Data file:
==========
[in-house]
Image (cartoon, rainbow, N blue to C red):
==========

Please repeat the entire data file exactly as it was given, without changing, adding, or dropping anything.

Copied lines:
[in-house]
Image (cartoon, rainbow, N blue to C red):